The Evolution of Republicans
By: Abby Cozart
Republicans supported states' rights. They had a "strict" interpretation of the Constitution. They preferred agriculture and rural life over commerce and manufacturing. They were most prominent in the South and West. Their foreign policy sympathized with France. They focused on civil liberties and trust in the people.
Mid-19th Century Republicans
This party formed in 1854 when Independent Democrats, Free Soilers, and Conscience Whigs came together in opposition to the Kansas-Nebraska Bill. They advocated free labor and was against the extension of slavery in the territories. The first Republican presidential candidate was John C. Fremont during the election of 1856.
The Election of 1860 Republicans
They were against slavery draw in most northerners with a platform of favoring a homestead act, a protective tariff, and transportation improvements. The platform opposed the spreading of slavery, but they defended the states to have the right to control their own "domestic institutions." On the third presidential ballot, Abraham Lincoln was the Republican nominee.
Gilded Age Republicans
They were pro-business. Republicans were against economic radicalism or reform. They were in favor of having a "sound currency" and advocated the status quo in the existing financial system. During this time, Republicans dominated the Senate. They also splinter groups during this time period into the Stalwarts, Halfbreeds, and Mugwumps.
The Republican Era (1921-1933)
During this time, Republicans dominated the presidency and congress. The presidents during this time were Harding, Coolidge, and Hoover. The government was pro-business. Even though they were conservative, the government tested new approaches to public policy and was an active agent of economic change to respond to the urban, industrial, and consumer-oriented culture that America had developed in to. Throughout this time, there were multiple conflicts that rose regarding immigration restriction, prohibition, and race relations. This era could be referred to as a transitional one in which consumption and leisure replaced the traditional values of self-denial and work ethic of the American people.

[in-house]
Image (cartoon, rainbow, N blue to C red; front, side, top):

Post- World War II Republicans
In 1952, General Dwight D. Eisenhower ran for president. They accused Democrats of being "soft" in regards to communism. They promised to end the Korean War. Dixiecrats were Conservative Southern Democrats who began to associate themselves with Republican candidates who were in opposition of the civil rights legislation.
Nixon's New Federalism Republicans
They opposed the Vietnam War. They were also against growing federal social programs. The previous Vice President Richard Nixon ran for president in 1968. He ran on a small-government, anti-war campaign as a protector of the "silent majority." He was in support of a policy that cut back federal power and returned that power back to the states. That policy was known as "New Federalism."
Reagan and the "New Right" Republicans
Serviced by the increasingly "liberal" social agenda of the Democrats and urged on by the rise of a militant and well-organized Evangelical Christianity, most of the southern states began to vote Republican in sizable majorities. They consisted of Conservative Christians, Southern white, affluent ethnic suburbanites, and young conservatives. All of these groups of peopled fired a "New Right" that supported Ronald Reagan in 1980 on a "law and order" platform that supported stricter crime, drug, and pornography laws. It was also against easy-access abortions. It advocated an increase in defense spending. Lastly, it supported a cut in tax rates. During Reagan's time in office, he constrained the expansion of the federal government, although he failed to reduce its size and the scope of its powers.